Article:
Membership

Why should I join PTA?
PTA offers all parents and caregivers the opportunity to be engaged in their child’s potential. Being a member of PTA means that you are part of a powerful association and action plan that is focused on programs and initiatives that strengthen your child’s education.

PTA membership and dues support your child by funding essential educational and curriculum needs; advocating on behalf of children and educators at the local, state and national levels; and building an inclusive school community for all families. Join PTA for your child because increasing our membership, even by one, makes it possible to provide important educational resources, speak up on important issues and create a stronger school community.


Where does my money go when I pay membership dues?
PTA dues directly support your child. PTA dues help fund essential school resources and curriculum needs. PTA dues support advocacy efforts at the local, state and national levels, impacting decisions affecting your child’s health, safety and quality of education. PTA dues support our work to strengthen connections between your family, your child’s classmates and their families, and teachers to build a thriving and inclusive community for everyone.


Does PTA membership require volunteering and attending meetings?
The only thing required of you to be a member of PTA is to pay the annual membership dues. Beyond that, however you choose to PTA is up to you. PTA offers all parents and caregivers the opportunity to be engaged in their child’s potential. From volunteering at school events to participating in local, state and national advocacy efforts to holding PTA leadership roles – the level of involvement is up to you. There is no wrong way to PTA.


How much time do I have to commit to being a member of PTA?
Membership in PTA can involve as much or as little time as you have to offer. There is no wrong or right way to be involved – anything you can give, whether it’s time or money, will support your child’s potential.


Isn’t PTA a social club for stay-at-home moms?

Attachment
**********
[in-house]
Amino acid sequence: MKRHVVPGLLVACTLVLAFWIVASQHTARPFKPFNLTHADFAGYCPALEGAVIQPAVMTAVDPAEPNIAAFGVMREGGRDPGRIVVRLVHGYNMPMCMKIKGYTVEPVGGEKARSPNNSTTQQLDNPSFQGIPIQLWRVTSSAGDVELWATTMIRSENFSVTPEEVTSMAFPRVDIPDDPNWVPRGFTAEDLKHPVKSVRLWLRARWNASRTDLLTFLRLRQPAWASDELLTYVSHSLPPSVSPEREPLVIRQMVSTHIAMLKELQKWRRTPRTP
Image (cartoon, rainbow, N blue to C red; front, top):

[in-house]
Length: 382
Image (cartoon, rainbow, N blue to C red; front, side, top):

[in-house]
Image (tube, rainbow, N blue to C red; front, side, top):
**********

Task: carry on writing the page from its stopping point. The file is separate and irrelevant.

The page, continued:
First and foremost, PTA is for every family who has a child at the school. PTA is for moms, dads, caregivers, grandparents, teachers and the broader community!


While some of the work done by PTA may appear purely social – including family events like BINGO that are organized to strengthen the school community – much of PTA’s work focuses on funding essential school resources and curriculum needs, as well as advocating at the local, state and national levels, impacting decisions affecting your child’s health, safety and quality of education.


How does PTA ensure it represents every child and family at the school?
We encourage every family in the school to become a PTA member to support the success of their child. We want a diverse membership base that reflects all of the families and needs of students at the school. PTA strengthens connections between your family, your child’s classmates and their families and teachers to build a thriving and inclusive community for everyone.


How does PTA impact my child?

• PTA provides schools access to experts, resources, trainings and dozens of nationally recognized educational enrichment programs that impact a child’s education such as the Family Reading Experience, in partnership with the Reading is Fundamental.

• PTA funds the nation’s largest and longest running student arts program, Reflections®, which provides students access to arts, music, literature, dance, drama and visual arts.

• PTA’s national advocacy efforts have helped establish universal kindergarten and the National School Lunch Program, the juvenile justice system and anti-child labor laws.

How do you advocate at the national, state and local levels and why is it important to my child?
PTA is active at the local, state and national levels, impacting decisions affecting your child’s health, safety and quality of education. During the past 120 years, PTA’s national advocacy efforts have helped establish universal kindergarten and the National School Lunch Program, the juvenile justice system, and anti-child labor laws.